Last spring, the University Museum, the University of Tokyo (UMUT) edited Jikifu (published by the University of Tokyo Press), a book in the form of a Natural History album presenting Shinichiro Ogata’s food design work. Based on his thorough knowledge of Japanese traditions and his own design principles, Ogata reconsiders the primitive act of eating, designs not only food but also the whole cultural framework surrounding it, and advocates a new aesthetics of Japanese cuisine. The present exhibition, by capturing on large-scale photographs representative works of Ogata’s food design in all their beauty, offers a new perspective on the fusion of Food & Science.
［Organizer］ The University Museum, the University of Tokyo (UMUT)
Indeed, museums are a receptacle for virtually everything. However, because their chief mission consists in the conservation of things, they only have a poor relationship with fresh food. Shortly after the inauguration of the renovated University Museum, we started catering for the opening of exhibitions. Since serving ordinary food had no interest, we thought of composing plates associated with the theme of each exhibition.
There were forerunners to such an attempt. In the beginning of the 1990s, there was a tendency in European art publications to reconsider cuisine and sweets as constitutive of aesthetic creation. It was not long before luxurious magazines comprising Art Food in their title appeared, and major magazines started featuring Food Art. Ever since, the world of food integrated the realm of art.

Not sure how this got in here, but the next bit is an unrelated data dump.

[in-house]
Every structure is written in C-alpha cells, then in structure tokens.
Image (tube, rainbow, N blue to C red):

The various attempts in the field of food catering at the end of the 1990s were a budding experiment reflecting the circumstances of an era. Since then, the University Museum started working on “Food & Science” within the larger framework of its projects pertaining to “Art & Science.” We have thus come to consider comprehensively the relationships between gastronomy (including food and sweets) on the one hand, and cultural theory, traditional industries, design and museum studies on the other.
The food creation on which Shinichiro Ogata ventures clearly fulfills the expectations we have toward cuisine, that is the pleasure of the palate. Moreover, through the exquisiteness of the design presiding over the combination of food and its receptacle, it also pursues visual beauty. Considering the appearance of each preparation and each ingredient presented in this exhibition, the expression Aesthetics of Japanese Cuisine easily comes to mind. However, here we would like to point to the considerable work necessary to realize this, both as a creator and as a researcher, ranging through all sorts of ingredients and endlessly proceeding by trial and error.